Offshore drilling, Italian Cup final: Napoli 2, Juventus 0

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Man of the Match: It’s tough to pick a man of the match when no individuals really step up. You’re left looking at isolated moments, decided how much impact they had on the match – how much unique skill is required to pull it off. You’re often left picking a MotM that’s only scarcely more MotM-y than the game’s 21 other principles.

Marek Hamsik did score the game’s final goal, but there was little to separate his performance teammates’. The deciding factor: Napoli’s attacker was given the job of marking Andrea Pirlo, and until Napoli went ahead through Edinson Cavani’s 63rd minute spot kick, Pirlo was kept quiet.

Packaged for takeaway:

  • As most teams have done to Napoli of alte, Juventus went semi-like-for-like with their set up. Napoli’s renown for playing 3-4-3, so Juventus started 3-5-2, with wing backs Stephan Lichtsteiner and Marcelo Estigarribia charged with tracking their Napoli counterparts: Christian Maggio and Juan Camilo Zuniga.
  • The two deployments produced a standoff. Good opportunities were scarce, with the teams limited to two chances in the first half (one for each side).
  • The game was decided in the 63rd minute. Napoli had built some minor momentum, and after finding Ezequiel Lavezzi running through the right channel, the Azzurri created the match’s first break. With Lavezzi about to move in on goal, Juventus goalkeeper Marco Storari took down the Argentine attacker. Cavani easily converted the winner.
  • The way the match played out forced you to consider the strange nature of Juventus’s near-undefeated season. Juve failed to meaningfully pressure Napoli, a performance that was not out of character for Serie A’s champions. Throughout the season, the team has relied more on opportunism than dominance. That approach got Juve to the season’s last game undefeated, but as Napoli dealt the Old Lady their first loss of the year, you had to wonder how Antonio Conte ever got his team this far.
  • So Juventus is denied the double, but given how they played, they didn’t seem to mind. It was the flat performance of a team who’d already met their goal: Winning the league.
  • Napoli, on the other hand, win their first major trophy in 22 years, having won Serie A in 1989-90. The club is entirely different now, with bankruptcy and a trip to the third tier forcing the team to redefine itself under owner Aurelio De Laurentis. While last year’s qualification for Champions League may have provided the emotional high point in Napoli’s resurgence, today’s result put something in the trophy case.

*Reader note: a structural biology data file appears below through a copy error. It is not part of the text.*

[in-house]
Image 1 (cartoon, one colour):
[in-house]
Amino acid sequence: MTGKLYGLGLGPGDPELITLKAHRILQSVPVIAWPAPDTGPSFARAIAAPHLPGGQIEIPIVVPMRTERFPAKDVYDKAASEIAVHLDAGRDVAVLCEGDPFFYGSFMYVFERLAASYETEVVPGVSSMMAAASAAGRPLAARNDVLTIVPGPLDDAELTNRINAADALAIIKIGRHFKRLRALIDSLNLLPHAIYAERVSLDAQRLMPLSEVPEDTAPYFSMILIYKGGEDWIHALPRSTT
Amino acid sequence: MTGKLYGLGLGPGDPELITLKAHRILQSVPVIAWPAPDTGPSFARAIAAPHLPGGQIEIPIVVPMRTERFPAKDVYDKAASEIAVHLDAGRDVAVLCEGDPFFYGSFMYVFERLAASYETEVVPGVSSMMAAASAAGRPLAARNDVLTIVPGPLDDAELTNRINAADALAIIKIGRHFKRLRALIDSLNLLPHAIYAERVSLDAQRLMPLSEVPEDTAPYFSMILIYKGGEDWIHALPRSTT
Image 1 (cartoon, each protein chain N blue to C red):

World Cup’s only black coach says there should be more

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MOSCOW (AP) — The only black coach at this year’s World Cup says there is a need for more in soccer.

“In European countries, in major clubs, you see lots of African players. Now we need African coaches for our continent to go ahead,” Senegal’s Aliou Cisse said through a translator on Monday, a day ahead of his nation’s World Cup opener against Poland.

[ MORE: Where to watch Tuesday’s games, feat. Colombia and Egypt ]

The percentage of black players at this year’s tournament and with clubs in the world’s top leagues is far higher.

Cisse was captain of Senegal when it reached the 2002 quarterfinals in the nation’s only previous World Cup appearance.

“I am the only black coach in this World Cup. That is true,” Cisse said. “But really these are debates that disturb me. I think that football is a universal sport and that the color of your skin is of very little importance.”

[ MORE: Harry Kane “buzzing” after two goals | Southgate encouraged ]

FIFA did not immediately respond to a request for comment.

Cisse cited Florent Ibenge, the coach of Congo’s national team, as a sign of progress.

“I think we have a new generation that is working, that is doing its utmost, and beyond being good players with a past of professional footballers,” Cisse said. “We are very good in our tactics, and we have the right to be part of the top international coaches.”